Devastating fires in Portugal; torrential rains in Switzerland, Austria and Romania; drought in much of France – the list of extreme weather conditions continues to grow in Europe.
No contrast is more vivid than scenes of uncontrolled forest fires raging across almost the entire northern half of Portugal and the streets of Geneva, Lausanne, Bern and other Swiss cities under a meter (3 feet) of water. Le Temps, a Swiss daily wrote, “Three days of incessant rain has caused huge damage in the center and the east of Switzerland.” Experts say the country hasn’t seen this sort of rainfall for almost 20 years.
In Portugal, where 36 fires have burned out of control for over a week in over 90° (C.36°) weather, calls have gone out for assistance. The fires have left at least 15 dead and 140,000 hectares (346,000 acres) destroyed, mostly in central and northern Portugal. One of the largest fires continues to threaten towns and villages around the historic city of Coimbra.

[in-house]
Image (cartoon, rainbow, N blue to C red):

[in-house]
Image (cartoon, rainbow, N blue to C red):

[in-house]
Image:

The EU and individual countries are sending as much help as they can. Spain, France, Germany, Italy and the Netherlands have all sent specially equipped planes and helicopters to help fight the fires. Local authorities have declared a national emergency and are urging employers to release workers from their jobs to act as volunteer fire fighters.
In Romania at least 16 people have died in severe storms and flooding which have hit the country over the past week. More than 1,400 people have been forced to leave their homes across the country. Widespread damages to property and infrastructure have been reported. The floods are the worst to hit the country in many years.
It’s too early to assess how much economic damage and insured losses may be caused by these differing catastrophes, but they will be substantial. According to figures from Munich Re, the drought and heat wave that hit Europe in 2003 killed more than 20,000 people and caused over $13 billion in economic losses. The floods that hit Southern France that year resulted in $1.5 billion in economic losses and over $1 billion in insured losses.
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